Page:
He shrugged. “He’d been there almost two days and he was getting a little ripe. But at least his body was still intact. Some of the corpses — a fair number of ’em — were in pieces.”

    Mike reached down a hand. “Come on out of there. Your men can finish the grave and we need to talk.”

    Jeff took his hand and Mike helped lift him out of the pit. Then, he walked away a few steps so the two of them could talk privately.

    “I’m sorry, Jeff,” he said. This was not a time for military formalities. “I fucked up pretty bad, and if I hadn’t Jimmy would still be alive.”

    Jeff shook his head. “Don’t beat on yourself, Mike. If generalship was easy, everybody and their grandmother would be calling themselves Napoleon and Alexandra the Great. Jimmy’s death was a fluke. The bullet that killed him wasn’t even aimed at him. It just came in out of nowhere at exactly the wrong time and place. The same thing could happen to you or me or anyone on any given day in a combat zone. War sucks, period. It’s just the way it is.”

    There wasn’t anything to say in response. Jeff was right, on all counts. Which still didn’t make Mike feel any better.

    “Besides,” Jeff continued, “the real problem is the same one it’s been since the USE put its army together. It’s not you, it’s that we don’t have enough cavalry. Half the time we’re stumbling around half-blind, and some of the time we might as well be completely in the dark.”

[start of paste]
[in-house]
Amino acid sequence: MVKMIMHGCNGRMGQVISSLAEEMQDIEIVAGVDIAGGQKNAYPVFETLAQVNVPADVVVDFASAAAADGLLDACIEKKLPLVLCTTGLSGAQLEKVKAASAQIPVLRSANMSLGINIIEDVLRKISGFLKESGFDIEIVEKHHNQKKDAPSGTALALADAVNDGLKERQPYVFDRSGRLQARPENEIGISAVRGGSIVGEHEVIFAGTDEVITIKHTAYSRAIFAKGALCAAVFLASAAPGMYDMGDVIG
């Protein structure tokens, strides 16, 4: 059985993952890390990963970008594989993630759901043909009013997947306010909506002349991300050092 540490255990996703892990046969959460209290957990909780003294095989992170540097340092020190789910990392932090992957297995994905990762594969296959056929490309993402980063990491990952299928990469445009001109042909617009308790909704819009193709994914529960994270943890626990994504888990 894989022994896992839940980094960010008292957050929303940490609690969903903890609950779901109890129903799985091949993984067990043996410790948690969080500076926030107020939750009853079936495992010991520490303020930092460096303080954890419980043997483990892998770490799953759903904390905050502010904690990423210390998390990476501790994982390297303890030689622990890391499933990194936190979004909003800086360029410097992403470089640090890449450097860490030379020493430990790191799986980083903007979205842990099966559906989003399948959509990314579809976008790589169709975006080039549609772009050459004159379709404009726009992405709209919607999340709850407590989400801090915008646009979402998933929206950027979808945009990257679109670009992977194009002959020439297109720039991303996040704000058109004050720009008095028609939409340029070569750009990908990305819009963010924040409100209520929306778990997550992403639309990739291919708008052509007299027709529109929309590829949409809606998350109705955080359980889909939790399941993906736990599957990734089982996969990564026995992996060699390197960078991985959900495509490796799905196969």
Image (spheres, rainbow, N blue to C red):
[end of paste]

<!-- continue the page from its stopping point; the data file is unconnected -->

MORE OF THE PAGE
“Yeah, I know. I’ve put in another request –”

    “It ain’t gonna happen, Mike,” Jeff interjected, “and you know it as well as I do. The Third Division’s at the bottom of any stinking nobleman’s list, when it comes to ‘cavalry jobs wanted.’ So I think we need to go outside the box. What we need is our own airplane. Or airship, if we can get our hands on a hydrogen one. These hot air jobs are fine for a lot of things, but they purely suck when it comes to providing us with reliable reconnaissance.”

    “I’ve thought about it myself, but I don’t know where we’d find one. I had David check with Kelly Aviation, since everything Hal’s building is already signed up by the air force. But they don’t have anything free, either.”

    “What about an airship?”

    “There’s nothing suitable being built in the USE, that I know of. There might be something underway in the Netherlands, but King Fernando will have first dibs on whatever gets built.”